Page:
Asinabka Film and Media Arts Festival returns to Ottawa for another year of unique programming.

This year Ottawa’s locally minded but internationally connected Film and Media Arts Festival, Asinabka, turns five. I have been attending this annual festival for the last 3 years and I am looking forward to my 4th year. I have seen it mature and grow its audience while still maintaining an important discourse with the local community of Ottawa especially regarding issues impacting Indigenous communities here on Algonquin Territory. Co-Director / Programmer Howard Adler shares that as “Asinabka Festival returns for our 5th year we couldn’t be more excited about our programming and our local and international partnerships.”

Each year the festival opens on Victoria Island at the site of Aboriginal Experiences, a beautiful location that foregrounds the Indigenous opening night film against the background of Parliament Hill and the Supreme Court of Canada – a highly symbolic vista. This year’s festival opens with Fire Song (Director Adam Garnet Jones), a film about youth suicide, sexuality, family obligations and future options.

Prior to the screening Indigenous Walks will be giving a tour that will begin at the Human Rights Monument (Elgin Street by City Hall) and end at the island where there will be a feast provided to the festival goers to share before the screening begins. Regarding the 2016 Festival programming “this is no doubt our most ambitious festival yet, showcasing more Indigenous film, media art, music, and performance than ever before, utilizing two of Ottawa’s best artist-run Centre’s for our Gallery Crawl (Gallery 101 & SAW), and continuing with our stunning traditional opening night welcome and outdoor film screening on Victoria Island!” states Howard. “There will be more delegates, filmmakers, and guests attending our festival than ever before, and there’s not enough room here to express how excited and thankful we are to host and present so much amazing art! Chi-Miigwech to everyone involved and to our faithful audience who return every year.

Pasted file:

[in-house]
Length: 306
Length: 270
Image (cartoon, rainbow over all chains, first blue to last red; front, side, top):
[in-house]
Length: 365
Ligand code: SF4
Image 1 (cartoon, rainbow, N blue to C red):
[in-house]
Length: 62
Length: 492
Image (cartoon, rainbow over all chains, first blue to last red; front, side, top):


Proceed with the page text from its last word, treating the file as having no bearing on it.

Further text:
Work by Geronimo Inutiq. Image provided by Asinabka. 

Also this year Inuk media artist Geronimo Inutiq will have a solo show (ᐃᓱᒪᒋᓇᒍ – isumaginagu – don’t think anything of it) opening at Gallery 101 (51 Young St. Suite B). Regarding his contribution and involvement Geronimo says that Asinabka “gives us an opportunity to show and see contemporary original art works in a context that goes beyond inter-national boundaries. I am grateful and honoured to exhibit my work with video and images, and – with the Festival – help push the boundaries of what indigenous and Inuit media and art can be today.” 

A little bit about the show:

How do you feel? Have you listened to your instinct today? What is your gut telling you? All the combined fields of natural and social sciences have elucidated great intellectual theories as to the nature and function of what we do and the reasons and functionality behind it. To Geronimo Inutiq, the process of artistic expression is an alternative language to all that. Guided by some sort of arbitrary intuition and abstract sense of aesthetics, he produces cultural artefacts that have been shown in galleries and museums in the context of contemporary indigenous and Inuit art exhibits and performance – both nationally and internationally. read more…

“Cowboys N’ Indians” by Alison Bremner in “Neon NDN.” Image provided by Asinabka. 

“Urban Inuk” Jocelyn Piirainen is an “emerging curator with a growing interest in indigenous contemporary art. Her entry into the curatorial world began in with the first ever Indigenous Curatorial Incubator program, where she put together the “UnMENtionables” screening program and helped coordinate the “Memories of the Future” exhibition for the 2015 Asinabka Film and Media Arts Festival.”  This year Jocelyn returns to Asinabka to curate Neon NDN: Indigenous Pop-Art Exhibition at SAW Gallery (Arts Court Building, 67 Nicolas St.).